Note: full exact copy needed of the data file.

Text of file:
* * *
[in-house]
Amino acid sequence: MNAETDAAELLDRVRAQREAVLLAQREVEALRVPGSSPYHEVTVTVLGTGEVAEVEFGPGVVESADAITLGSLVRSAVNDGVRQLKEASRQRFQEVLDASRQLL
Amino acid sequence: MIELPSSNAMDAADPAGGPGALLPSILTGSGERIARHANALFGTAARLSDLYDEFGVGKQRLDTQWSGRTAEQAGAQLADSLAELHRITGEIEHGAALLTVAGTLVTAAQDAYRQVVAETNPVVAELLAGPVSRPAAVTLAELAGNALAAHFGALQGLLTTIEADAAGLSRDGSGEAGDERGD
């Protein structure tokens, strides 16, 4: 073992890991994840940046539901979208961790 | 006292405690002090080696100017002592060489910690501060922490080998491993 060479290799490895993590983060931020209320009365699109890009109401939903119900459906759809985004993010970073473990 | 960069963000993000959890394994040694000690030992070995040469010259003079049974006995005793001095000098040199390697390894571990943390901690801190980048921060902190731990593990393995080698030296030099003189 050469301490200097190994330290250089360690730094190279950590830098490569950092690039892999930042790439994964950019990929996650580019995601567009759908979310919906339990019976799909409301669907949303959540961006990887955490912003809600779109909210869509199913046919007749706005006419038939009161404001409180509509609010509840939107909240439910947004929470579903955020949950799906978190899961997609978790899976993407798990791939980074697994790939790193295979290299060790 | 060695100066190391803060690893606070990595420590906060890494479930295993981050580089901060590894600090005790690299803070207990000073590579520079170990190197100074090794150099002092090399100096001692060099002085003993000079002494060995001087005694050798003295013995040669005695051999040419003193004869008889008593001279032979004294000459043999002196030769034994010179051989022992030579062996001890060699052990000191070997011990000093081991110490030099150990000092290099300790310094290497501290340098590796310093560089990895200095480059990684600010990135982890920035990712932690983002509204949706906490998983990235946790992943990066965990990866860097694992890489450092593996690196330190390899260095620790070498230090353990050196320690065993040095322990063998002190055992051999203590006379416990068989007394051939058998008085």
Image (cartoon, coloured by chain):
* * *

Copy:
[in-house]
Amino acid sequence: MNAETDAAELLDRVRAQREAVLLAQREVEALRVPGSSPYHEVTVTVLGTGEVAEVEFGPGVVESADAITLGSLVRSAVNDGVRQLKEASRQRFQEVLDASRQLL
Amino acid sequence: MIELPSSNAMDAADPAGGPGALLPSILTGSGERIARHANALFGTAARLSDLYDEFGVGKQRLDTQWSGRTAEQAGAQLADSLAELHRITGEIEHGAALLTVAGTLVTAAQDAYRQVVAETNPVVAELLAGPVSRPAAVTLAELAGNALAAHFGALQGLLTTIEADAAGLSRDGSGEAGDERGD
């Protein structure tokens, strides 16, 4: 073992890991994840940046539901979208961790 | 006292405690002090080696100017002592060489910690501060922490080998491993 060479290799490895993590983060931020209320009365699109890009109401939903119900459906759809985004993010970073473990 | 960069963000993000959890394994040694000690030992070995040469010259003079049974006995005793001095000098040199390697390894571990943390901690801190980048921060902190731990593990393995080698030296030099003189 050469301490200097190994330290250089360690730094190279950590830098490569950092690039892999930042790439994964950019990929996650580019995601567009759908979310919906339990019976799909409301669907949303959540961006990887955490912003809600779109909210869509199913046919007749706005006419038939009161404001409180509509609010509840939107909240439910947004929470579903955020949950799906978190899961997609978790899976993407798990791939980074697994790939790193295979290299060790 | 060695100066190391803060690893606070990595420590906060890494479930295993981050580089901060590894600090005790690299803070207990000073590579520079170990190197100074090794150099002092090399100096001692060099002085003993000079002494060995001087005694050798003295013995040669005695051999040419003193004869008889008593001279032979004294000459043999002196030769034994010179051989022992030579062996001890060699052990000191070997011990000093081991110490030099150990000092290099300790310094290497501290340098590796310093560089990895200095480059990684600010990135982890920035990712932690983002509204949706906490998983990235946790992943990066965990990866860097694992890489450092593996690196330190390899260095620790070498230090353990050196320690065993040095322990063998002190055992051999203590006379416990068989007394051939058998008085």
Image (cartoon, coloured by chain):